BSc (with distinction)
Masters by Research in Oncology
In-frame translocations of the MLL gene produces more than 120 different MLL fusion proteins (MLL-FPs). MLL-FPs are potent oncoproteins that are thought to be the main drivers of a set of aggressive acute leukemias as patients carry very few additional mutations. Despite much progress in the treatment of childhood leukemias, children carrying MLL rearrangements have a very poor survival prognosis, even with the advent of novel therapeutic approaches such as CAR-T cell therapy, thus treatment of MLL leukemias remains an unmet need. MLL and the MLL-FP MLL-AF4 have previously been shown to bind to telomeres, with loss of MLL associated with increases in telomeric transcription and associated telomeric DNA damage.
Telomeres are short sequences (TTAGGG) found at the ends of chromosomes protect DNA from shortening after each cell cycle division. Once DNA shortens significantly, the cell is no longer able to keep dividing resulting in senescence. In order to escape senesence cancers must utilise pathways for maintaining their telomeres. This can be done by one of two methods, by upregulating telomerase (an enzyme that maintains telomere lengths) or through a telomerase independent mechanism - the Alternative Lengthening of Telomeres( ALT) pathway.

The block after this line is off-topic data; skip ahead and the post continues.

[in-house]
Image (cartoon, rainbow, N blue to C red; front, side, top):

My goal is to explore how the wild type and fusion protein found in these leukemias interact with the telomeric machinery and how this may affect telomere maintenance and stability in these cancers.
The second aspect of my research is to generate a phenotypic profile of MLL-AF4 leukemias based on their surface protein and mRNA expression using Cellular Indexing of Transcriptome and Epitopes by sequencing (CITE-seq).This will allow us to futher understand the nature of these leukemias and the process involved in the cells transforming.